Editor's note: John Avlon is a CNN contributor and senior political columnist for Newsweek and The Daily Beast. He is the co-editor of the new book "Deadline Artists: America's Greatest Newspaper Columns" (Overlook).
New York (CNN) -- Here's one idea that could unite Main Street voters with Occupy Wall Street protesters -- raise taxes only on individuals making more than $1 million a year and use that revenue to pay for President Barack Obama's jobs bill, which is made up of bipartisan policy proposals to get the economy moving again.
It is an audacious idea, brewed first by Sen. Charles Schumer and backed by Senate Majority Leader Harry Reid as preferable to the president's repeated call to roll back the Bush tax cuts on any household making more than $250,000 a year.
There are several reasons that this new millionaire's tax is both smart politics and smart policy.
First, an astounding 75% of Americans back raising taxes on individuals making more than $1 million a year, according to an October 5 Washington Post/ABC News poll. This includes 89% of Democrats, 75% of independents, 57% of Republicans and 55% of Tea Party supporters. This isn't subtle -- it's a slam-dunk.
The reason this resonates is because it focuses exclusively on the super-rich rather than lumping them in with upper middle class voters who might be called the working wealthy. A household income of $250,000 per year is far from jet set, especially in more expensive areas of the country, where some two-parent working families could find themselves taxed at the same rate as the local billionaire.
The average big-business CEO salary is now $9.6 million a year, while the average family of four makes $50,000 -- a multiple of nearly 200. The middle class squeeze that is driving frustration and desperation in this unsteady economy has gone on for decades as their income has remained stagnant. A 5.6% surtax on the objectively super-rich -- some of whom have much of their income taxed at lower capital gains rates rather than those for regular income -- is vastly preferable to raising taxes more broadly. And if applied temporarily (an always dodgy proposition where taxes are concerned) it would take the top rate for the super-rich to roughly where it was during the Clinton years, when we turned then-record deficits into surpluses.
The best option of all in my book would not be a targeted surcharge but broad-based tax reform that could actually lower all rates to spur growth while closing some (but not all) loopholes to raise revenues. This is the broad goal set out by the bipartisan Bowles-Simpson commission, a vision championed by Budget Chairman Paul Ryan and even once campaigned on by a candidate named Barack Obama. But expecting this divided, dysfunctional Congress to tackle anything as comprehensive as tax reform without tearing each others' throats out seems naïve in the extreme. Still, I'll keep hope alive for a simpler, fairer, flatter tax code.
But in its absence, we need a way to pay for a jobs plan so that it doesn't put our nation deeper into debt. A surtax on people making more than $1 million a year is one way to do it. Conservatives will claim that any such proposal is class warfare, but that reflexive attack is in danger of losing its sting because of overuse. Small business owners might have been able to identify with a $250,000 threshold, but creating a populist spin in defense of those who make more than $1 million a year will be a tougher sell.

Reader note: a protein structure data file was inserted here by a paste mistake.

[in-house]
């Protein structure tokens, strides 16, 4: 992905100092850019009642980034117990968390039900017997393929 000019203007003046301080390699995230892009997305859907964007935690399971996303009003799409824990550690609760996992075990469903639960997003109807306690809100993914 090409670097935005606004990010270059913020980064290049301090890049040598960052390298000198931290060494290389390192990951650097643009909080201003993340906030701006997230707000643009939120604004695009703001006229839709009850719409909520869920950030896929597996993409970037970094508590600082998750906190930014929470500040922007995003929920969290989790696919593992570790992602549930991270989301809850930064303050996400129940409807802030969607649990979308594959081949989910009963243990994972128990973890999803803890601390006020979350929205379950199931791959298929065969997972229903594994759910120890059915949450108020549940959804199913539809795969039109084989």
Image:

Fifty-eight percent of Americans think the president's jobs plan will help the economy, according to that Washington Post/ABC News poll. And while Obama's job approval is at historic lows, he is still three times more popular than members of Congress. More to the point, the president is perceived to be more concerned about middle class Americans than the congressional GOP by a margin of 52%-32%, while the GOP is seen as more focused on the rich, by a deep margin of 70%-17% -- not a great ratio in a time of populist anger.
Those professional cynics who parade under the term "Washington insiders" are confidently claiming that Reid's proposal is dead on arrival, just like they did with the Bowles-Simpson and "Gang of Six" plans before it. These pronouncements help create conventional wisdom, but they are not conclusive. After all, the political impetus of this new plan is clearly related to corralling votes -- swing-state senators who would have faced greater pushback on the $250,000 rollback of the Bush tax cuts. Any Democrats who are resisting this proposal in favor of the full $250,000 are the real class warriors, supporting tax hikes out of general redistributive principle even though regions with a high cost of living would suffer.
With economic anxieties again increasing, taking action on at least large swaths of the jobs plan seems like a political and policy imperative, especially since the plan itself was built on proposals that have gained bipartisan support in the past.
Cutting corporate taxes in exchange for closing loopholes, retaining payroll tax cuts and creating a public-private infrastructure bank should retain broad support -- but real deficit hawks should recognize that these efforts need to be paid for, and cutting discretionary spending alone to deal with the deficit right now would be deeply counterproductive in terms of overall economic growth.
A surtax on the super-rich is the least painful way to do that in the short term -- it's not class warfare as much as a call for additional sacrifice from those who can most afford it to help get our country moving again.
The opinions expressed in this commentary are solely those of John Avlon.